Comparison of Ocular Biometry Between Eyes With Chronic Primary Angle-Closure Glaucoma and their Fellow Eyes With Primary Angle-Closure or Primary Angle-Closure Suspect

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Abstract

Purpose:

To compare the eye with chronic primary angle-closure glaucoma (CPACG) with its fellow eye without glaucoma damage and to determine the biometric differences that may predispose to development of CPACG.

Methods:

Consecutive patients diagnosed with CPACG in 1 eye and primary angle-closure (PAC)/primary angle-closure suspected (PACS) in the fellow eye were recruited. The biometric parameters of both the eyes were measured by A-scan ultrasonic biometry and ultrasound biomicroscopy. Comparisons of visual function, baseline intraocular pressure (IOP), and the biometric measurements were made.

Results:

Forty-one patients were recruited. Eyes with CPACG had worse visual function, higher baseline IOP, and larger cup-to-disc ratio than their fellow eyes with PAC/PACS (P<0.001). Eyes with CPACG had shallower anterior chamber depths, smaller anterior chamber angles, thinner irises, and longer iris-ciliary process distances than their fellow eyes with PAC/PACS (P<0.05). There were no significant differences in terms of lens thicknesses, axial lengths, lens vault, and trabecular-ciliary process distances.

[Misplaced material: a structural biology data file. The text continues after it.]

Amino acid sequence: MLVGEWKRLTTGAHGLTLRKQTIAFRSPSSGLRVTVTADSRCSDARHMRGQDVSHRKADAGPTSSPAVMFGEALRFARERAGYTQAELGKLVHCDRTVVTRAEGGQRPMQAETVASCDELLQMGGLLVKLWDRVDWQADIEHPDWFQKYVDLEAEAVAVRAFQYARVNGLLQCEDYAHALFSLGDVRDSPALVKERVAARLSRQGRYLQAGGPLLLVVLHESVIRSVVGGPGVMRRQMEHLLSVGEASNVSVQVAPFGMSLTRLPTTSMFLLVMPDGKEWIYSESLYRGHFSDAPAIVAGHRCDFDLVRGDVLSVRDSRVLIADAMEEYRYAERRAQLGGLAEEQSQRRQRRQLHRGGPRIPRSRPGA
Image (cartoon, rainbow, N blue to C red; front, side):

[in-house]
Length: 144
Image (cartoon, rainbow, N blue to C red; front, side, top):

Conclusions:

Lens thickness, lens location, and axial length do not appear to play a significant role in the progression from PAC/PACS to CPACG. A thin and anterior iris bowing may be related to the progression from PAC/PACS to CPACG.

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